I'm sure I'm being heretical in some way because it is such an awesome mechanical watch but I would absolutely love a Quartz (HAQ) version of the Omega Railmaster (with its existing styling, no date, etc).
Nothing wrong with it.I have been having this debate with myself recently, and I've come to the conclusion that while, no, I wouldn't swap out my autos for a quartz identical to them, I would have some quartzes in my collection.
As it stands, I have able 1/2 and 1/2.
my next acquition that's incoming is an auto.
the one I'm considering getting along with it is a cheap (less than $200) timex quartz…
Make of that what you will…
Heh, absolutely not! I've been burned by quartz watches one too many times.Hi all
Hypothetical question I've been pondering for a while.
If your favourite watch/watches were available in a version that is 100% identical to your automatic mechanical watch, with the same finish/materials/details, but the only difference was that instead of a mechanical movement, there was a quartz movement inside, would you buy it/swap your current watches for them?
Obviously for automatic watches with see-through glass casebacks, this may not be entirely possible.
8 years ago I was getting into luxury watches, and bought my first Omega, which was an opaline Aqua Terra Co-axial 8500 which I still have today. Back then I had only just learnt about how mechanical watches work, and watching the second hand making smooth movements rather than ticking at 1-second intervals gave me great satisfaction.
Currently I own 3 modern SMPs (AT 8500, SMPc, and the original Pierce Brosnan 'GoldenEye' SMP quartz). I also own 4 vintage Omegas which I wear occasionally.
My AT's movement broke after 71/2 years, with the hour wheel failing, such that the hour hand was not advancing. I took it in for a service which cost me AU$830 (US$630). It should be good to go for another 7-8 years.
But lately I just can't get over how much more convenient a quartz movement is. The battery died twice in the 8 years I've had it, and each time I put in a $3 battery myself and I set my automatic watches against it.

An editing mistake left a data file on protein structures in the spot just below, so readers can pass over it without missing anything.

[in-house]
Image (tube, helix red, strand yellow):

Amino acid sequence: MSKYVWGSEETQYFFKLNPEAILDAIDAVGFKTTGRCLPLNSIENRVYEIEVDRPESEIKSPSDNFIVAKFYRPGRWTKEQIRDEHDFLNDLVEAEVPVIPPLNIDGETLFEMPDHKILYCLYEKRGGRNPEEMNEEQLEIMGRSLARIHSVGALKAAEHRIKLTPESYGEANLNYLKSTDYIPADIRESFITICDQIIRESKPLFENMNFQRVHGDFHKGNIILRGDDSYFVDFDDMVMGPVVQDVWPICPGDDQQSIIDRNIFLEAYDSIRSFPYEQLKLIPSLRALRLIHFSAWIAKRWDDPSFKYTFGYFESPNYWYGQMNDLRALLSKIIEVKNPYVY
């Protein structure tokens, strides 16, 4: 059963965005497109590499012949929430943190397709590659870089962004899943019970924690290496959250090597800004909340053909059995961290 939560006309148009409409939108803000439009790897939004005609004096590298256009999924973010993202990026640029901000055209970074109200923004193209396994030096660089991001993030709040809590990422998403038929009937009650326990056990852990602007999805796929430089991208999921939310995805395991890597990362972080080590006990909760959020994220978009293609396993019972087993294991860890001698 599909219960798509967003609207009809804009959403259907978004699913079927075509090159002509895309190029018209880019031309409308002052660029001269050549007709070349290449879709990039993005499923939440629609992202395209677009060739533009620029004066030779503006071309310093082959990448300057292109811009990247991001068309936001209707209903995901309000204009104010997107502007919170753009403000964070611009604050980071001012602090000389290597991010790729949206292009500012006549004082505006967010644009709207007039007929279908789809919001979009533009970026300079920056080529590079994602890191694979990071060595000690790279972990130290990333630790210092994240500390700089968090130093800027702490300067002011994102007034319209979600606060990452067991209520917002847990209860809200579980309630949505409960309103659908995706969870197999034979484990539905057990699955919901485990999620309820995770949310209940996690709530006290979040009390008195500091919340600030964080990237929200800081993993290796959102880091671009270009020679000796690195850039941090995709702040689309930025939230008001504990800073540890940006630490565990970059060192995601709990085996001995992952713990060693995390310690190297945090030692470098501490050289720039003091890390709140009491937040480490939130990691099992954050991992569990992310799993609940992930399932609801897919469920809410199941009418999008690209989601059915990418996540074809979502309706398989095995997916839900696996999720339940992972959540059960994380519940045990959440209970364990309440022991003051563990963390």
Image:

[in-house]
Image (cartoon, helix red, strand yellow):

So the question is, if your favourite watches were available in quartz versions, everything else being identical, would you swap your automatic watches for them?
The benefits of a quartz movement are obvious - unbeatable accuracy, ultra low cost maintenance ($6 vs $630 over a course of 8 or so years), but purists and watch lovers could write a book about the allure of the mechanical movement.
Years ago when I was an automatic watch snob I would have said NO, but now I doubt it will be that easy. In fact I'm now 50:50.
I have actually just switched from that to G shock. Absolutely love my gsar. But I cringe so hard when I bang it into stuff which happens often. So G shock. I guess i'm not old enough to enjoy autos just yet...
The 7C46 is a heck of a movement. About as far as you could get with a quartz movement.While i wouldn´t want to swap any of my Autos for a quartz movement, i did purchase a Sbbn031 Tuna, with the fully serviceable, jeweled high torque quartz 7C46 movement, and love it! Cheers
My old Grand Seiko quartz, a dress watch too!For me sports = quartz, so yes I've often drooled over chronographs and divers that I love but won't buy because I wish they were quartz. On the other hand I will always want a few mechanicals so that I can enjoy traditional horology too - especially dress watches.